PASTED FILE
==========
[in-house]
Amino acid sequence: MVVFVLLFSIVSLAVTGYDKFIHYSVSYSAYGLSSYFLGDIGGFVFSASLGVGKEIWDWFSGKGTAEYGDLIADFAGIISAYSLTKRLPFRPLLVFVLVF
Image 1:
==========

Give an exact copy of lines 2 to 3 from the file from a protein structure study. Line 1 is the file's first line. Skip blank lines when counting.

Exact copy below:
Amino acid sequence: MVVFVLLFSIVSLAVTGYDKFIHYSVSYSAYGLSSYFLGDIGGFVFSASLGVGKEIWDWFSGKGTAEYGDLIADFAGIISAYSLTKRLPFRPLLVFVLVF
Image 1: